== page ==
Might be worth a look…



slarApril 8th, 2016 at 1:24 pm

The way the cards broke, no slam makes on normal play. It needs a lot to go right – good breaks and a finesse in diamonds. It was just a bad slam to be in which suggests that 2NT was in fact the right bid.

bobbywolffApril 9th, 2016 at 6:09 pm

Hi Iain,

No doubt the positive requirements in responding to the strongest opening bid available (usually an artificial 2 clubs, but sometimes a forcing 1 club), should simply be the practical application of what works best.

However keep in mind while attempting to fulfill the above caveat, it becomes a personal thing to that partnership to choose, based on only what those two players can agree upon.

Natural players want decent suits shown ASAP, while ones with greater scientific bent want the most information available ASAP but keeping in mind lower elevation of the auction and even not wrong siding the eventual declarer (usually attempting to keep the weak hand dummy).

If you and I were partners, no, at least IMO, it would be natural, both for bidding fluently, but also for practicality in allowing our brains to take bids at face value, instead of risking either forgets or worse, never talking about exceptions (which are always so apparent in bridge) but likely confused, when two brains try to act as one.

Wild horses would not allow me to not respond positively in diamonds with those two aces (and 6 card suit) except perhaps a control showing system, which often fits nicely opposite very strong openings.

Back to the ranch (being early Aces bridge team training) we never overcame the many differences in what our first bridge partnerships provided, and for that matter, the ones they were then converted to being.

All the above only emphasizes what sports fans already know, American football, basketball and soccer are team sports while baseball, tennis and golf are individual ones.

Bridge is the prototype of a team sport since both partners need to mesh rather than to mess up. Sometimes I manage a smile (camouflaging a loud laugh) when very good players cry out against teammates they do not play well with. If so, perhaps they should grow up and understand that teammates do not effect what happens at one’s table, but both partners do, and that is all anyone or anything can manage.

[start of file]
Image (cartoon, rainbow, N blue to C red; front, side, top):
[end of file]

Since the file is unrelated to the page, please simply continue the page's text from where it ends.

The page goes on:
Please excuse the rant, but and whatever, it will be forever how I think, and that goes for at least 60 years.

bobbywolffApril 9th, 2016 at 6:32 pm

Hi Slar,

While I appreciate your thoughts and value your opinions, I do not necessarily agree with your final premise.

No I would not open the 6-3-2-2 hand you propose with either 2NT or possibly a forcing opening with NT to immediately follow, It simply is too strong a hand not to show one’s 6 card major suit very early in the bidding. I could accept a 2 club opening as long as spades were immediately bid thereafter. Remember all partner needs is 4 little spades to make game prospects good to almost laydown (realizing that what I said can be proved to be fallacious).

Obviously bridge can (and bridge writers do) emphasize what they want to, making any unique bridge idea seem sensible, but mere early warmth do not a summer make. And only bridge ideas which have stood the test of time (not the commercialism both Culbertson and Goren created) but instead the cold hard facts which our best players and teachers have expounded, while playing at the highest levels, should be allowed in serious bridge learning discussions.

The above, in no way, is in opposition to your views, but, instead, only relegates those suggestions to further discussion and perhaps experiments (often with computers) to be undertaken.

The only constructive advice I may be able to offer is to not form firm opinions until others (hopefully players you can trust) see them through their eyes and then voice their thoughts.

Do not ever give up on your opinions, but only temper them, until they have stood the test of time, and if so, IMO you will be doing the best thing possible to further a hoped for decorated bridge career.